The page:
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frost_bite
03-05-2007, 05:24 PM
They're not scientific laws, exactly, but a list of rules-of-thumb that should be kept in mind by anybody who's trying to suss out how any kind of system works, and how you're gonna make it change so it's more to your liking.

Draper Kauffman's Rules....


1. Everything is connected to everything else. Real life is lived in a complex world system where all the subsystems overlap and affect each other. The common mistake is to deal with one subsystem in isolation, as if it didn't connect with anything else. This almost always backfires as other subsystems respond in unanticipated ways.


2. You can never do just one thing. This follows from rule #1: in addition to the immediate effects of an action, there will always be other consequences of it which ripple through the system.

3. There is no "away." Another corollary of #1. In natural ecosystems, in particular, you can move something from one place to another, you can transform it into something else, but you can't get rid of it. As long as it is on the Earth, it is part of the global ecosystem. The industrial poisons, pollutants, insecticides, and radioactive materials that we've tried to "throw away" in the past have all too often come back to haunt us because people didn't understand this rule.

4. TANSTAAFL: There Ain't No Such Thing As A Free Lunch. Years ago, bars used to offer a "free lunch" as a way to draw customers. Of course, the drinks in those bars cost twice as much, so the lunches weren't really "free" at all. Similarly, in complex systems, what looks like the cheapest solution to a problem often turns out to be the most expensive one in the long run. TANSTAAFL is a way of saying, "Don't expect something for nothing -- there's always a hidden cost somewhere."

5. Nature knows best. Natural ecosystems have evolved over millions of years, and everything in them has a role to play. Be very suspicious of any proposal to alter or eliminate an apparently "useless" part of the system. If it looks useless, that just means that you don't understand its function, and the risk of doing harm is that much greater. When in doubt, be careful, and always try to find a "natural" solution to a problem if at all possible.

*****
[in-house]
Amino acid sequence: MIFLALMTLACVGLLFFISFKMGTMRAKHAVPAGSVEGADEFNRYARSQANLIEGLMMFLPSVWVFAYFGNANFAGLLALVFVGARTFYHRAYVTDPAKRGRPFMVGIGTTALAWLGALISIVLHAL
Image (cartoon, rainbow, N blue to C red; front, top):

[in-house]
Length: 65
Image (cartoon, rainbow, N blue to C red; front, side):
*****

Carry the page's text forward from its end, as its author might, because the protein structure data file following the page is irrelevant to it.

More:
frost_bite
03-05-2007, 05:26 PM
6. It ain't what you don't know that hurts you; it's what you DO know that ain't so. Beware of false assumptions about system behavior. When we are sure of something, we usually don't bother to look for proof that it is true and we may be blind to evidence that it is false. We are much more likely to make really big blunders when we act on false assumptions than when we are uncertain and aware of our own uncertainty.

7. "Obvious solutions" do more harm than good. All complex systems use negative feedback to negate external changes in the system. If you try to change something in the direct, "obvious" way, the system is going to treat your efforts like any other outside influences and do its best to neutralize them. The more energy you waste fighting the system head on, the more energy it will waste fighting back, and any gains you make will be only temporary at best. Finally, if you try hard enough and long enough, you will exhaust the system's ability to fight back--at which point the system will break down completely.

8. Look for high leverage points. Nearly every feedback system has weak spots. These are almost always the control points which measure the system's behavior and determine its response to change. The best way to change a system's behavior is either to change the "setting" of the control unit or to change the information which the control unit receives. If you want to make a cold house warmer, turn the thermostat up or stick an ice pack on it, but don't build a fire in an inefficient fireplace--it will do little if any good.